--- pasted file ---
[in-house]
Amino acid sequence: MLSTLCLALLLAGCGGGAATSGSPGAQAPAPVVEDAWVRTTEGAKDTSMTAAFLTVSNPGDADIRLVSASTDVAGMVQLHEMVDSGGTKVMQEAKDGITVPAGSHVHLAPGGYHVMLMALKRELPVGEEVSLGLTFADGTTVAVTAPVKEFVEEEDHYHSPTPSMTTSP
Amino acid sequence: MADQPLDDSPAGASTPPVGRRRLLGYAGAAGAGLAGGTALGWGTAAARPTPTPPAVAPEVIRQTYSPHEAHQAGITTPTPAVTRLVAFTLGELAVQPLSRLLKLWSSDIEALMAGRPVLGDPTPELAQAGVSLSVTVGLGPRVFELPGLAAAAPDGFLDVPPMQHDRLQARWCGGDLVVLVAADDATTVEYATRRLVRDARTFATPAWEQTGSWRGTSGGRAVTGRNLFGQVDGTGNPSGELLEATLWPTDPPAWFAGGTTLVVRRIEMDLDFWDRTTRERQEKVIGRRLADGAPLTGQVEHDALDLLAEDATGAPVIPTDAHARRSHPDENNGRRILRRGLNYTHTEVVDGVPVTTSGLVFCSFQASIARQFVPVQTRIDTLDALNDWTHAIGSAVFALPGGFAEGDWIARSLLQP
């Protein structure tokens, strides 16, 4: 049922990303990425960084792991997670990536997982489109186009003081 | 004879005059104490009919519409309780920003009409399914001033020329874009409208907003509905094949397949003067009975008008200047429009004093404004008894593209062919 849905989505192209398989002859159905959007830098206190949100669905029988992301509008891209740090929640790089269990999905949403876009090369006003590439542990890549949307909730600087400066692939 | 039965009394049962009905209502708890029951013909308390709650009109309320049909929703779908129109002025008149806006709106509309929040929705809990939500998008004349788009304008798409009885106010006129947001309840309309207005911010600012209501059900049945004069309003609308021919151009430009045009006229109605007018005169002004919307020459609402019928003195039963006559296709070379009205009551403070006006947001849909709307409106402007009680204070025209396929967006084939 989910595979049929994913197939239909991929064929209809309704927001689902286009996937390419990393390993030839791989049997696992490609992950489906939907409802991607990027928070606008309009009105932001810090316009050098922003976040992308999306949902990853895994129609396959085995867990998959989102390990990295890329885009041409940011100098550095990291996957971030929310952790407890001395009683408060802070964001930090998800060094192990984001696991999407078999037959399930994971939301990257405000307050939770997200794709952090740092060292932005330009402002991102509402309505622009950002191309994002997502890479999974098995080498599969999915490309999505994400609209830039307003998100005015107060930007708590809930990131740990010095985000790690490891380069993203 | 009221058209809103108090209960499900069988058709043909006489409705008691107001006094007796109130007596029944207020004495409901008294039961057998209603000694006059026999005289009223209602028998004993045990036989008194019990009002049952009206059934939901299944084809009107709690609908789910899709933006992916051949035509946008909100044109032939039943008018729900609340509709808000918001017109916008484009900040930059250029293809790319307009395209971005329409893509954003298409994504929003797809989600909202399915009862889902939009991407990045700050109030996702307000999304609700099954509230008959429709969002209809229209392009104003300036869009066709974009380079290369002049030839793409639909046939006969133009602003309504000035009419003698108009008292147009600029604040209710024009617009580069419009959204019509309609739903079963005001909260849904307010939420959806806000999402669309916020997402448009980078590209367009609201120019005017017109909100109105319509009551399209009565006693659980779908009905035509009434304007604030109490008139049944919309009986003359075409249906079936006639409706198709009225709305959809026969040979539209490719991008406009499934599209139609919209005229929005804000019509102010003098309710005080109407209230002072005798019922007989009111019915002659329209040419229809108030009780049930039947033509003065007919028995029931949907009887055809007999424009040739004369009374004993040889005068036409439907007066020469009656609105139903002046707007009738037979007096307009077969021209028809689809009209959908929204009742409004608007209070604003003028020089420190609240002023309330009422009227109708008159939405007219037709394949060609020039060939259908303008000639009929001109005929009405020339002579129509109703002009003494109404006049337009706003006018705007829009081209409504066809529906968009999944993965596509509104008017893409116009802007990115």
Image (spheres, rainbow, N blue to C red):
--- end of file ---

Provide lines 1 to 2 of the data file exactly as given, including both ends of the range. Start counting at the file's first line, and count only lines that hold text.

[in-house]
Amino acid sequence: MLSTLCLALLLAGCGGGAATSGSPGAQAPAPVVEDAWVRTTEGAKDTSMTAAFLTVSNPGDADIRLVSASTDVAGMVQLHEMVDSGGTKVMQEAKDGITVPAGSHVHLAPGGYHVMLMALKRELPVGEEVSLGLTFADGTTVAVTAPVKEFVEEEDHYHSPTPSMTTSP